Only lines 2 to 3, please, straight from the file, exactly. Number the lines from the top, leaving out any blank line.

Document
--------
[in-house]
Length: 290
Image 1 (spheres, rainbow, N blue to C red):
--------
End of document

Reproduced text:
Length: 290
Image 1 (spheres, rainbow, N blue to C red):